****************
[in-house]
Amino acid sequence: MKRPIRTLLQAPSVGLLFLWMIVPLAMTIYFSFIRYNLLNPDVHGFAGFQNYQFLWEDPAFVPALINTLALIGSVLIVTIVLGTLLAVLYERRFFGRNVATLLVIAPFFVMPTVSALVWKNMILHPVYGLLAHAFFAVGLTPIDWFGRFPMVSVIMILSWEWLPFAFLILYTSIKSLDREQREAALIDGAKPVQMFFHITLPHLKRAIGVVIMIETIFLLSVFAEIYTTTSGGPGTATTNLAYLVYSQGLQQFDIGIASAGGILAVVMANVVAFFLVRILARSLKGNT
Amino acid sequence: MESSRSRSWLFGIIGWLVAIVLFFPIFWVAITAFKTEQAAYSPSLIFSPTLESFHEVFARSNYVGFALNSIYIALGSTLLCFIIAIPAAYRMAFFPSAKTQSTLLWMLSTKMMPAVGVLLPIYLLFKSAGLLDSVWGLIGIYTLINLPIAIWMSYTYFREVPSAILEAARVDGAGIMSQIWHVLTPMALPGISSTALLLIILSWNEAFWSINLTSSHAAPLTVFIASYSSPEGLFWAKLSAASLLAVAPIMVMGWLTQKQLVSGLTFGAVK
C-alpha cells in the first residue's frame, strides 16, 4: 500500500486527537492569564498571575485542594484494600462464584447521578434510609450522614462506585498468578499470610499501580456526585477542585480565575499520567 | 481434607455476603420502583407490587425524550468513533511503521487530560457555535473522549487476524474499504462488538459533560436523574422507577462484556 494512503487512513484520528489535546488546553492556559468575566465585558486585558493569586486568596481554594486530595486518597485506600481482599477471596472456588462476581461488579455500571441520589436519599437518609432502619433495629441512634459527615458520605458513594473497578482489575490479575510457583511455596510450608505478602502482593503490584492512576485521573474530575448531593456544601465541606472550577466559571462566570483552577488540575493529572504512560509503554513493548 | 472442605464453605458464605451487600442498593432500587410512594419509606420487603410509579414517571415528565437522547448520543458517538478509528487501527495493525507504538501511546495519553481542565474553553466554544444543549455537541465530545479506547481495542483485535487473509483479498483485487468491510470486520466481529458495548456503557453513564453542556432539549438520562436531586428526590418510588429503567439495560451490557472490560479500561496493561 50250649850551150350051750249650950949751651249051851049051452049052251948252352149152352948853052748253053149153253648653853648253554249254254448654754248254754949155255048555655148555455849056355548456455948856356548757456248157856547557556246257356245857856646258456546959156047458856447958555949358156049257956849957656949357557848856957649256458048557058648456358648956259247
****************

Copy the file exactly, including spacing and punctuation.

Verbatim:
[in-house]
Amino acid sequence: MKRPIRTLLQAPSVGLLFLWMIVPLAMTIYFSFIRYNLLNPDVHGFAGFQNYQFLWEDPAFVPALINTLALIGSVLIVTIVLGTLLAVLYERRFFGRNVATLLVIAPFFVMPTVSALVWKNMILHPVYGLLAHAFFAVGLTPIDWFGRFPMVSVIMILSWEWLPFAFLILYTSIKSLDREQREAALIDGAKPVQMFFHITLPHLKRAIGVVIMIETIFLLSVFAEIYTTTSGGPGTATTNLAYLVYSQGLQQFDIGIASAGGILAVVMANVVAFFLVRILARSLKGNT
Amino acid sequence: MESSRSRSWLFGIIGWLVAIVLFFPIFWVAITAFKTEQAAYSPSLIFSPTLESFHEVFARSNYVGFALNSIYIALGSTLLCFIIAIPAAYRMAFFPSAKTQSTLLWMLSTKMMPAVGVLLPIYLLFKSAGLLDSVWGLIGIYTLINLPIAIWMSYTYFREVPSAILEAARVDGAGIMSQIWHVLTPMALPGISSTALLLIILSWNEAFWSINLTSSHAAPLTVFIASYSSPEGLFWAKLSAASLLAVAPIMVMGWLTQKQLVSGLTFGAVK
C-alpha cells in the first residue's frame, strides 16, 4: 500500500486527537492569564498571575485542594484494600462464584447521578434510609450522614462506585498468578499470610499501580456526585477542585480565575499520567 | 481434607455476603420502583407490587425524550468513533511503521487530560457555535473522549487476524474499504462488538459533560436523574422507577462484556 494512503487512513484520528489535546488546553492556559468575566465585558486585558493569586486568596481554594486530595486518597485506600481482599477471596472456588462476581461488579455500571441520589436519599437518609432502619433495629441512634459527615458520605458513594473497578482489575490479575510457583511455596510450608505478602502482593503490584492512576485521573474530575448531593456544601465541606472550577466559571462566570483552577488540575493529572504512560509503554513493548 | 472442605464453605458464605451487600442498593432500587410512594419509606420487603410509579414517571415528565437522547448520543458517538478509528487501527495493525507504538501511546495519553481542565474553553466554544444543549455537541465530545479506547481495542483485535487473509483479498483485487468491510470486520466481529458495548456503557453513564453542556432539549438520562436531586428526590418510588429503567439495560451490557472490560479500561496493561 50250649850551150350051750249650950949751651249051851049051452049052251948252352149152352948853052748253053149153253648653853648253554249254254448654754248254754949155255048555655148555455849056355548456455948856356548757456248157856547557556246257356245857856646258456546959156047458856447958555949358156049257956849957656949357557848856957649256458048557058648456358648956259247